Directed by Otto Bathurst. Starring Taron Egerton, Jamie Foxx, Ben Mendelsohn, Eve Hewson, Jamie Dornan, F. Murray Abraham.
The Plot: Nottingham nobleman Robin (Taron Egerton) is drafted into war in Arabia, where he clashes with a Moor by the name of John (Jamie Foxx). Thought dead, Robin returns home years later to find that the dastardly Sheriff (Ben Mendelsohn) has enslaved the people for his corrupt war effort. He also finds that his lady love Marian (Eve Hewson) is now with rabble-rouser Will (Jamie Dornan). John re-appears and convinces Robin that they have a common enemy in the Sheriff. He trains Robin and they set out to drain the Sheriff of his most precious resource – money…
The Verdict: Here it is. Guy Ritchie’s new take on the oft-told tales for the ages – a geezered-up version of Robin Hood. Except for the simple fact that it’s not directed by Guy Ritchie, nor does he have anything to do with it. Someone has been studying his films obsessively in an attempt to ape his particular style of filmmaking. That someone is Otto Bathurst, a fellow Englishman who makes his feature debut here after directing TV shows like Peaky Blinders. The final result is something of a disaster, a dud, leaden arrow that is way off target and thunks to the ground with minimal effect.
Where to start? How about a vaguely ambitious attempt to do a revisionist take on this story as old as the ages? Been there, done that with Ridley Scott. How about a fun romp with a pantomime Sheriff and a friendly Moor? Already done to popular effect with the two Kevins (Reynolds and Costner). It’s clear that Robin Hood 2018 is already stepping on the arrows left behind by previous incarnations. All that’s left is to try and jazz it up a bit by revising the story, changing the motivations of several supporting characters and then filtering it through the Ritchie machine to make it relevant to the short attention spans of younger generations.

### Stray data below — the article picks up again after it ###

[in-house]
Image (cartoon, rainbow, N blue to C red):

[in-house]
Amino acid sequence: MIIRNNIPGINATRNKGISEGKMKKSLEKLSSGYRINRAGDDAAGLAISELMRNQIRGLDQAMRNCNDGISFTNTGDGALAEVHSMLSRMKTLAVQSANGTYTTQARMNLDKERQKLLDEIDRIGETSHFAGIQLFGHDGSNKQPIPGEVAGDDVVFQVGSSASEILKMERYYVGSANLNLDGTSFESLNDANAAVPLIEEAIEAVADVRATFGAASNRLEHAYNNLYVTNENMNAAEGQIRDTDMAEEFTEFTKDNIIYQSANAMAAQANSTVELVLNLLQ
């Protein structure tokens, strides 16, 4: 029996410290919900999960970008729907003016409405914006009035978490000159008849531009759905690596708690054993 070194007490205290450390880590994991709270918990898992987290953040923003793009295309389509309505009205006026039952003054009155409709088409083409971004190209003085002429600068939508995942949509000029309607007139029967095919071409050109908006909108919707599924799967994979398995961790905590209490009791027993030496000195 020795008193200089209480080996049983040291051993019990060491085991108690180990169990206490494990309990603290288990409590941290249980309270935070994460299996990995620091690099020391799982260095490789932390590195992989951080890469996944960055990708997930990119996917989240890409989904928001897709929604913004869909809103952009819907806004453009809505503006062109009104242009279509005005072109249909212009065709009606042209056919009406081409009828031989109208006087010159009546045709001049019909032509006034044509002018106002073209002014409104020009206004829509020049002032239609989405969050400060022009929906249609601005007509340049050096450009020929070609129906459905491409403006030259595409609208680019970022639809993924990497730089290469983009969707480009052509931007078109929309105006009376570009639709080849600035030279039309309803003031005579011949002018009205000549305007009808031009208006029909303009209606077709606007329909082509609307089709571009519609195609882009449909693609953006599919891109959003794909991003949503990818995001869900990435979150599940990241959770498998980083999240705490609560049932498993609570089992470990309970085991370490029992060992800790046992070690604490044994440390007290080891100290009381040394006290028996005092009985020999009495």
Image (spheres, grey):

This isn’t your grandfather’s Robin Hood. It’s a million miles from Errol Flynn. Forget historical accuracy, this version is about as anachronistic as you can imagine. Medieval Nottingham looks more like Mediterranean Italy circa the Renaissance. No dirty peasants or grotty streets here. Everyone looks immaculately presented, even Marian who works daily in the mine’s kitchen. Later on, there’s a casino scene straight out of a Bond film. In the action climax, Molotov cocktails are lobbed (eh?). How much more ridiculous can this film get? There’s a star-crossed romance between Robin and Marian that’s told in the space of a single scene. One character giving up on another without so much as a confrontation. There’s an oddball mix of accents too, which suggests that it takes place in Middle Europe rather than the Middle Ages.
It’s a serious test of patience, as you’re just waiting for the next insult to come along. Apart from Jamie Foxx and F. Murray Abraham making acting gold out of their underwritten scenes, everyone else looks bored. Egerton is a bland Robin Hood, while Hewson struggles to make Marian more than just a damsel in distress. The hugely talented Mendelsohn is in danger of being typecast as a snarling villain at this stage. The action sequences are samey and rely heavily on slo-mo. The whole affair has forgettable written all over it. Robin Hood 2018 has nothing new to offer, other than the amusing prospect of Ritchie suing for passing off his films.